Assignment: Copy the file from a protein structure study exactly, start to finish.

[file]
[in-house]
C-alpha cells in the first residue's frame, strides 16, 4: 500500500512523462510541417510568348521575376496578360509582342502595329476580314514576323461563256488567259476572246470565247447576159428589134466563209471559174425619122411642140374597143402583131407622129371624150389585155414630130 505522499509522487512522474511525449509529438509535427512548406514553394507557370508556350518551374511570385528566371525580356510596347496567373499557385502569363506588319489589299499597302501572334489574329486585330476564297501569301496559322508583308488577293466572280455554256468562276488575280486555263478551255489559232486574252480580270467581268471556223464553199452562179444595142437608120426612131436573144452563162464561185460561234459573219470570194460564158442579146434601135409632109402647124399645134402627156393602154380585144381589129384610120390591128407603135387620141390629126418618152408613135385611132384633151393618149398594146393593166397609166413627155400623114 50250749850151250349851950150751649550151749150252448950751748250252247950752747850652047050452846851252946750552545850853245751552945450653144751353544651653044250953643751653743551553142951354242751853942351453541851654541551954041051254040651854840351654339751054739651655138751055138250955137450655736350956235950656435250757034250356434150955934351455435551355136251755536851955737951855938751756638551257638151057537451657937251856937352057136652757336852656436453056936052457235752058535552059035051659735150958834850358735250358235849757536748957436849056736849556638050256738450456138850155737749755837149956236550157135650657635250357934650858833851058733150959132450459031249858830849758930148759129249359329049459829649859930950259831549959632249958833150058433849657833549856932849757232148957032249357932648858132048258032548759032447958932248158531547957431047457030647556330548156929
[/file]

[in-house]
C-alpha cells in the first residue's frame, strides 16, 4: 500500500512523462510541417510568348521575376496578360509582342502595329476580314514576323461563256488567259476572246470565247447576159428589134466563209471559174425619122411642140374597143402583131407622129371624150389585155414630130 505522499509522487512522474511525449509529438509535427512548406514553394507557370508556350518551374511570385528566371525580356510596347496567373499557385502569363506588319489589299499597302501572334489574329486585330476564297501569301496559322508583308488577293466572280455554256468562276488575280486555263478551255489559232486574252480580270467581268471556223464553199452562179444595142437608120426612131436573144452563162464561185460561234459573219470570194460564158442579146434601135409632109402647124399645134402627156393602154380585144381589129384610120390591128407603135387620141390629126418618152408613135385611132384633151393618149398594146393593166397609166413627155400623114 50250749850151250349851950150751649550151749150252448950751748250252247950752747850652047050452846851252946750552545850853245751552945450653144751353544651653044250953643751653743551553142951354242751853942351453541851654541551954041051254040651854840351654339751054739651655138751055138250955137450655736350956235950656435250757034250356434150955934351455435551355136251755536851955737951855938751756638551257638151057537451657937251856937352057136652757336852656436453056936052457235752058535552059035051659735150958834850358735250358235849757536748957436849056736849556638050256738450456138850155737749755837149956236550157135650657635250357934650858833851058733150959132450459031249858830849758930148759129249359329049459829649859930950259831549959632249958833150058433849657833549856932849757232148957032249357932648858132048258032548759032447958932248158531547957431047457030647556330548156929